Best For: Beginning traders; active traders looking to reduce fees; ETF investors
Pros: Lowest fees; fee-free ETF trading
Cons: Requires approval to do options trading; additional fees for stocks priced below $1
Merrill Edge is a subsidiary of Merrill Lynch, the legendary trading house founded in 1914 by Charles E. Merrill and Edmund C. Lynch and acquired by Bank of America during the 2008 financial crisis.
The platform offers $6.95 stock trades with no minimum opening investment, as well as the option to upgrade to different accounts that offer guided investing or access to a financial advisor. Not only can you get guidance on building your retirement account, but you’ll get access to investment ideas and Merrill Lynch research.
What’s more, if you have at least $50,000 in your account and a Bank of America personal checking account, you can become a Preferred Rewards Platinum client and trade for free.
Best For: Investors with large accounts and a Bank of America checking account; novice and retirement investors with a need for investing advice; investors interested in access to Merrill Lynch research products
Pros: Access to Merrill Lynch research products; available advisory services
Cons: $6.95 trading fee; $19.95 fee on no-load mutual funds
Get Started: The Best Online Stock Brokers for Beginners
T. Rowe Price
T. Rowe Price is the priciest trading platform of the options listed here. The per-trade fee of $9.95 is already the highest option, and even that can be misleading as it only applies to accounts with 30 or more trades in the last year. Trades will cost $19.95 — four times the $4.95 rate that many other brokerages are charging — if you haven’t been active on its platform. What’s more, there’s a $30 annual account maintenance fee if you fall under five commission-generating trades for the previous year and a $2,500 account minimum for non-retirement brokerage accounts and a $1,000 minimum for a brokerage IRA.
But there are ways you can avoid those fees entirely. Most notably, you can trade a specified bundle of ETFs and mutual funds fee-free, giving passive investors a simple option for avoiding the relatively steeps costs elsewhere. The ETFs are those in the FundVest No-Transaction-Fee ETF program without fees, giving you about 170 options to choose from, and a range of mutual funds can also be traded without cost, including T. Rowe Price funds. You also get access to a range of tools to help you make investments, including the Mutual Fund Compare Tool, Morningstar Portfolio Manager and tools specifically designed for retirement investors.
Best For: Passive investors interested in ETFs and mutual funds; retirement investors interested in tools to help them shape a long-term plan
Pros: Options for fee-free mutual fund and ETF investing; tools for retirement investors
Cons: High fees, particularly for customers who aren’t active traders; $2,500 account minimum; annual account maintenance fee for inactive traders
The $6.95 stock trade fee charged by TD Ameritrade is higher than many of its competitors’, and that climbs to well over $30 a trade for trades made over the phone or broker-assisted trades. A fee of $49.99 also applies to no-load mutual funds, which is the highest, save for Charles Schwab.
But the platform offers some 300 commission-free ETFs that you can trade without paying fees, a wide range of educational resources and research tools and “elite-level” trading tools and resources available for advanced traders through its thinkorswim platform.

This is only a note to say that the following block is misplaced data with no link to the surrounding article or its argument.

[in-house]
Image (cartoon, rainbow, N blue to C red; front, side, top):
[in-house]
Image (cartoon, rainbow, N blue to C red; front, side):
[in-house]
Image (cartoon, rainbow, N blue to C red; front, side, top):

Related: The Best Robo-Advisors
Best For: Advanced traders looking for platform tailored to their needs; passive investors interested primarily in ETFs and mutual funds
Pros: Wide range of options for fee-free ETF trading; educational tools and resources; multiple options for trading platforms to match level of investor expertise
Cons: Minimum of $2,000 in an account to trade options contracts; higher fees for trades
TradeStation was founded by two classical violinists who immigrated from Cuba only to take an interest in the markets and how computer software could be leveraged to improve investing.
Today, TradeStation prides itself on its integration of technology to provide professional-grade tools to its clients to help them mold their trading strategies, including EasyLanguage, a code specific to TradeStation that allows investors to turn their investment strategies into coding language that TradeStation’s platform can execute.
Although these resources are geared toward knowledgeable traders and investors, even novice investors can still make use of the tools and educational resources. And, at just $5 a trade, the fee structure is competitive, including just a $14.95 fee for trading no-load mutual funds.
Best For: Advanced/experienced investors; professional day traders
Pros: Customizable alerts and trade execution for your trading strategies; low fees
Cons: Geared toward advanced investors; $50 annual fee for accounts under $2,000 or that don’t make at least five trades in the preceding 12 months; $14.95 fee for bond trades
Since its founding in 1975 by John C. Bogle, Vanguard has stood for one thing above all else: reducing fees and commissions. In fact, Vanguard was responsible for putting together the very first index fund, sparking a revolution in passive investing that continues to grow to this day.
And as such, one of the biggest perks to a Vanguard account is access to Vanguard ETFs and mutual funds without any trading costs. Learning about the best Vanguard retirement funds could be a boon to your boosting your investment returns.
Likewise, Vanguard offers a range of tools and educational resources to learn more about the benefits of ETF and mutual fund investing as well as a wide variety of other investing principles.
Best For: Passive investors interested in low-fee ETFs and mutual funds, novice investors interested in investing with minimal oversight on their part
Pros: Free trading for Vanguard ETFs and mutual funds
Cons: $7 fee for options trading, $20 annual account service fee if you opt for paper statements
Click to learn how to avoid bank fees.